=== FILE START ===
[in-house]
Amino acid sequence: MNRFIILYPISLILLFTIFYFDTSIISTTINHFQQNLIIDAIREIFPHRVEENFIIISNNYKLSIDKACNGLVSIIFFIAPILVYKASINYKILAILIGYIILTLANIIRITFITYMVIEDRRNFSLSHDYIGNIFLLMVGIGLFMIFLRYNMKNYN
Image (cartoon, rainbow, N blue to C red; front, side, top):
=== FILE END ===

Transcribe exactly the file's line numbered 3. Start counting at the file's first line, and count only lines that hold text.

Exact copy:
Image (cartoon, rainbow, N blue to C red; front, side, top):